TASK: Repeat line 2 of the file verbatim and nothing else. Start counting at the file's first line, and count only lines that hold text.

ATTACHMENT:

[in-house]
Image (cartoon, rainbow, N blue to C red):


Image (cartoon, rainbow, N blue to C red):